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Toughie 712

Toughie No 712 by Micawber

Just what the doctor ordered

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BD Rating – Difficulty **Enjoyment ****

A puzzle by Micawber is the very thing to cheer me up on a freezing winter’s morning. This is not one of his more difficult ones but is excellent entertainment.
Let us know your opinion and please take the time to register your enjoyment factor by clicking on one of the stars below.

Across Clues

1a  Form of transport that might contain eight kings and queen (6-6)
{DOUBLE-DECKER} – there are four kings in a single pack of playing cards, so what would you need to get eight? Add our current Queen to make a form of transport.

8a  Note I put on page in book (it’s one I mentioned before) (2,3)
{OP CIT} – this is a latin abbreviation used in books to refer the reader to another work of which the title has been quoted previously. A musical note and I follow P(age) and all that goes inside the older part of the Bible. A nice semi-all-in-one.

9a  Master said test’s wrong, inaccurately expressed (9)
{MISSTATED} – M(aster) is followed by an anagram (wrong) of SAID TEST.

11a  Retired player, after run, pulling muscle (9)
{RETRACTOR} – this is a muscle used for pulling in (as opposed to one used for extending). Start with an abbreviation for retired and add a player or performer after R(un).

12a  Islands in France, to the east of river in Angers (5)
{RILES} – the definition here is the falsely-capitalised Angers. Put the French word for islands after (to the east of, in an across clue) R(iver).

13a  Seafood in market — get last of coley, not bothering about the rest? (9)
{SELFISHLY} – insert food from the sea inside a verb meaning to market, then finally add the last letter of (cole)Y.

16a  A Northern European recoiling in dismay (5)
{APPAL} – a verb meaning to dismay (much used by the Prince of Wales) comes from A followed by a Northern European reversed (recoiling).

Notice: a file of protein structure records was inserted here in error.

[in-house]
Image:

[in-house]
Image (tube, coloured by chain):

18a  Have wrong to confess (3,2)
{OWN UP} – a phrasal verb meaning to confess is a charade of a verb to have and a synonym for wrong (as in the query “What’s wrong?”).

19a  Comeback for urban Los Angeles music wrecked (9)
{PARALYTIC} – wrecked here means hopelessly drunk and we want another informal adjective that means the same. String together a synonym for urban, the abbreviation for Los Angeles and a form of music involving words being recited rapidly and rhythmically, then reverse the lot (comeback).

20a  Degree’s the thing to do (5)
{DITTO} – D(egree) is followed by a pronoun used for something inanimate (the thing) and TO (in the clue) to get a word for which “do” is used as an abbreviation.

22a  Way to solve problem of capped right molar decaying (9)
{ALGORITHM} – an anagram (decaying) of RIGHT MOLA(r) which has been truncated (capped).

25a  Doesn’t make much of blue stage shows (9)
{DOWNPLAYS} – another word for blue or depressed is followed by theatrical works (stage shows).

26a  Exhausted former PM changing sides (5)
{BLOWN} – our last PM (before Dave) has R(ight) changed to L(eft) to make an adjective meaning exhausted or out of breath.

27a  Is stuffing added to mashed up soldiers? (6,6)
{GROUND FORCES} – soldiers are examples of these land-based troops. A verb meaning stuffs (a turkey, perhaps) follows a synonym for mashed up.

Down Clues

1d  Clubs in dead heat struggling halfway through Olympic city’s event (9)
{DECATHLON} – this is a men-only athletic event that normally takes two days to complete. Insert C(lubs) inside D(ead) and an anagram (struggling) of HEAT, then finish with the first half of this year’s Olympic city.

2d  Extremist sect rejecting Catholic god (5)
{ULTRA} – remove (rejecting) the leading C(atholic) from a sect or religious group and add the sun god of the ancient Egyptians to form an adjective meaning extremist.

3d  Pale one’s outwardly glowing (5)
{LIMIT} – this is a noun meaning pale or extent (as in the phrase “beyond the pale”). Put a contracted form of how a non-royal would say “one is” inside a synonym for glowing or burning.

4d  Killer quadruped taking control of southern city in ancient times (9)
{DESTROYER} – the definition here is killer. Put a four-legged animal round (taking control of) S(outhern) and an ancient city which played a major part in Homeric legend.

5d  Provide sound barrier for hideous noise (9)
{CATERWAUL} – a charade of a verb to provide and a homophone (sound) of a barrier or partition produces a shrill howling or wailing noise.

6d  Speak highly of former charge for the most part (5)
{EXTOL} – bring together a prefix meaning former and a charge (for crossing a bridge, perhaps) without its final L (for the most part).

7d  Suited, scruffy person put tie on to go out (12)
{CORRESPONDED} – this is the past tense of a verb to suit or match. An anagram (scruffy) of PERSON is contained (to go out) in the past tense of a verb meaning to bind (put tie on).

10d  Shifting mountains I had seen rising, to fuse together (12)